In all people I see myself, none more and not one a barley-corn less,
And the good or bad I say of myself I say of them.
—From “Song of Myself” by Walt Whitman
Where are you, Walt?
The Open Road goes to the used-car lot.
Where is the nation you promised?
—From “Walt Whitman at Bear Mountain” by
Where are you, Walt Whitman? With the inaugural guests who showed up
wearing buttons and waving flags while a white man
in a MAGA hat recites an allegiance? Or are you holding a protest sign,
chased by police down alleys, or corralled in holding areas
in parks where blades of grass are trampled down?
Surely you didn’t arrive in a limo wearing a Hermes tie
and Gucci loafers, editing a list of all the ills your kind has suffered.
Please tell me that wasn’t you. Maybe, Walt Whitman,
you refused to attend. Paid no attention to the TV crews or barricades;
instead, walked six miles to work in a hotel laundry, cleaned pots in an
Was that you hunched over in a bean field? Or cutting your palms
on corn husks? Or driving the tuxedo-clad senators in your checkered cab?
Walt Whitman, I was awake election night crying while a woman
in Kentucky sang praises that her god was stronger
than me and mine. What song did you sing, Walt Whitman?
If you are all of us, you, too, must have cried, but also cheered,
and you must have gloated and mourned, shouted in joy,
dropped your head in disbelief. Did you really believe
everyone’s invited to the party? Including this woman on CNN
who likes “alternative facts,” or this man in the grocery line
who doesn’t know what to believe since the tabloids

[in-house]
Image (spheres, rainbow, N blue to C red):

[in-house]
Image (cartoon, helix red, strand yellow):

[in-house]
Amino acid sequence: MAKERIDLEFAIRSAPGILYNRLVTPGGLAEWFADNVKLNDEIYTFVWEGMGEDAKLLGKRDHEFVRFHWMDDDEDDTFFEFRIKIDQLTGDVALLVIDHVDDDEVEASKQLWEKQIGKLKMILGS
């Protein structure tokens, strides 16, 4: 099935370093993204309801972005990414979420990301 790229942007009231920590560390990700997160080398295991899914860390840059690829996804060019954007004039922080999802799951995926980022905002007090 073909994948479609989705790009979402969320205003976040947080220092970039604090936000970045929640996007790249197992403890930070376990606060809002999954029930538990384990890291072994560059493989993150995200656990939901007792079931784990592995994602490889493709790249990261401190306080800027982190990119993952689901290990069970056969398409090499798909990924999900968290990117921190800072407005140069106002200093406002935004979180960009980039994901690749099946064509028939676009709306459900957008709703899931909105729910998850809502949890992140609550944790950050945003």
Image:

offer no clues? Or this one who only wants her deported sister back,
or the one in the airport cuffed and hauled away?
How can you stand to be them all, Walt Whitman?
How can you stand to be you? How can you still sing your song?
Oh, Walt, where are you now? Where are you hiding?
Are you the one bleeding in an Afghani barrack?
Are you the one nestled in the fast-food wrappers inside the trash
Perhaps that’s you watching the gathering crowd from your K Street
Maybe you are the one that lost a job, lost a child, lost yourself
inside the towering bills and notices. Maybe you are
the high school student cowering in a closet, listening for the AR-15s
crack and thump, the journalist struggling for facts,
the poet afraid words no longer mean as they once did
when you resounded over lines as far reaching as empire itself.
Now we find America’s epic compressed to a singularity, weighted down
by 240 characters, where the elected shaman is a used car salesman
twittering his song from a king-sized bed, an aria claiming all of this
and all of us are “Lies, Lies, Lies. Sad. Sad. Sad.”
Once, Walt Whitman, we were together. I forget the rest.*
is the author of five books and chapbooks, including most recently Ravenous: New
& Selected Poems and Toward Any Darkness. Recent poems and essays
have appeared in a variety of periodicals such as Crab Orchard Review, Poet Lore,
Poetry East, South Carolina Review, Southeast Review, and Southern Poetry
Review, among others. He has received the Gearhart Poetry Prize, a Hawthornden
Fellowship, and The Literary Review’s Charles Angoff Award, among
others. Mulkey currently directs and teaches in the low-residency MFA program
in Creative Writing at Converse College.
Everywhere Becomes Home, a review by William Wright of
Mulkey’s book Ravenous in Flycatcher Journal
⚡ Beautiful and Terrible: An Interview with Barbara Hamby in
The Southeast Review (2 December 2018), in which Hamby discusses her choice
of Mulkey’s poem “Cured” as winner of the 2018 Gearhart Poetry